March 28: Louise Griffin Parkinson Arnoldson (1956)

On June 29, 1877, 10-month old Louise Griffin Parkinson was baptized at Epiphany. Serving as a sponsor was her grandfather, the Rev. Royal Parkinson, a Congregational minister from Maine and a Dartmouth College graduate, who had moved to Washington to take a job with the Treasury Department. Louise’s father, Joseph, also a Maine native, had lost his hearing from scarlet fever as a child and was educated at the Columbia Institute for the Deaf and Dumb (today’s Gallaudet University). Mr. Parkinson became a very successful attorney with the Patent Office. He eventually moved his family to Utah, where he was able to enjoy his love for nature and the environment.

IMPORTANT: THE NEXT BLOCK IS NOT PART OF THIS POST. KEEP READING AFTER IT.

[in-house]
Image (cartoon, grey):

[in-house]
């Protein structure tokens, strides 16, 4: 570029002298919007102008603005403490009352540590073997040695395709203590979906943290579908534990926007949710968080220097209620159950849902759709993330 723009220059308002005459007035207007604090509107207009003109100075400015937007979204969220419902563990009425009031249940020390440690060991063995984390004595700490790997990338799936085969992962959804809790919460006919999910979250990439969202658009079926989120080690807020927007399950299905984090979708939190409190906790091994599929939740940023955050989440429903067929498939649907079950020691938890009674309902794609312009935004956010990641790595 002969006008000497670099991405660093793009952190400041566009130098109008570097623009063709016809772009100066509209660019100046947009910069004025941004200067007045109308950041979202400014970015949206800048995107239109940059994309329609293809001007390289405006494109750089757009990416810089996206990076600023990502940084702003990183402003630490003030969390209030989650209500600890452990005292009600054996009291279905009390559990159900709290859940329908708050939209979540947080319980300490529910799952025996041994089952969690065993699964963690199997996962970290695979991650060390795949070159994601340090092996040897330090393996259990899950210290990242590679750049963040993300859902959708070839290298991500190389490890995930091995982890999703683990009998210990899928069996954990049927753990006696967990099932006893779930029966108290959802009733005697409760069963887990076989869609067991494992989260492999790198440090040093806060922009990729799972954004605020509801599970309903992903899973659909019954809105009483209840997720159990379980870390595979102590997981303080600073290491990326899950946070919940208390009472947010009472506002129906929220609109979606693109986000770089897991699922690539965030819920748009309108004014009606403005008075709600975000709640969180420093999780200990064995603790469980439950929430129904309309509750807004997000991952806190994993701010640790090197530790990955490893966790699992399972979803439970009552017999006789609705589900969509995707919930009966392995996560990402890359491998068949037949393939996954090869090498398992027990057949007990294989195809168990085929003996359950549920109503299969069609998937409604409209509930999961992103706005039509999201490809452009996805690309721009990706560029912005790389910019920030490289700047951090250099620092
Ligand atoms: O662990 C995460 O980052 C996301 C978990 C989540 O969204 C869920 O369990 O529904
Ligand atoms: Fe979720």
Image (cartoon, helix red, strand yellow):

In Salt Lake City, Louise married Torild Arnoldson, a native of Sweden and the head of the Foreign Language Department at the University of Utah. Their only child, Astrid, was born in Sweden, where the couple was living for a time. Louise earned a B.A. in French from the University of Utah and also studied at the Sorbonne in Paris. Following her husband’s death, Louise took a job at the University of Montana, where she would spend the next 27 years as an associate professor in the Foreign Language Department. For her writings on French music and culture, Louise Arnoldson was posthumously made an Officier d’Académie of the Ordre des Palmes Académiques (depicted here) by the French government. The award was accepted by her daughter.

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